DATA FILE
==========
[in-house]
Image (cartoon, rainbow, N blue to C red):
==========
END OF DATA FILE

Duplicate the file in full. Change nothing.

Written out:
[in-house]
Image (cartoon, rainbow, N blue to C red):